shrike-bees-img_8027Did anyone else read “The Animals of Farthing Wood” by Colin Dann when they were growing up? It was one of my favourite novels as a young boy, though the chapter in which the mice and voles from Farthing Wood succumb to the butcher bird was never an easy read for one as squeamish as me. Latterly I was aware that the shrikes the author described were dying out as a breeding bird in Britain. That made me feel sad too.

Back in the present and I was delighted to watch this bird actively and successfully hunting, and stocking a temporary larder. Later in the afternoon one of the mice had been consumed, leaving just a scrap of velvet fur and a smear of blood on the twig upon which it had been stored. Our butcher bird is just a temporary visitor blown in from Scandinavia, but it’s welcome to pause a while, to rest and to gather strength before migrating onwards.

More than that – it’s a welcome sight for me too.



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All my lady’s-tresses

img_7168-tweetsizeMy orchid odyssey is drawing towards a close now we’re into the early days of autumn. It’s been alternately wonderful, inspiring and, very occasionally, a little bit scary. The penultimate act of this drama were the helleborines, as colourful, enticing and varied as a Woolworths pick and mix. They’ve been followed by orchids that supplant helleborine exoticism with a graceful, subtle charm – the lady’s-tresses.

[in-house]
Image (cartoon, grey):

One of our native species is extinct – Summer Lady’s-tresses hasn’t been seen in its former southern English haunts for decades. Despite remaining locally common in northern France, it’s long gone from our shores – while occasionally it’s rumoured that well-intentioned orchidophiles have reintroduced them, those whispers have never come to anything substantial – and their habitat is probably lost now anyway.

img_5885-edit-tweetsizeThat leaves three species: Creeping, Irish and Autumn Lady’s-tresses. Irish is something of a misnomer – those particular tresses are found in Ireland, granted, and also in a few areas of western Scotland – but they’re originally from North America. How did they get to Britain and Ireland? Some suggest they could be wind-borne colonists, their dust-like seeds blown across to pastures new by the prevailing westerly winds of autumn. Others surmise their seeds may have been carried on the feet of migrating wildfowl. Either theory is plausible, though we’ll never know for sure – but the flowers themselves are undeniably gorgeous, creamy-coloured and with strongly arched, long, green-veined lips.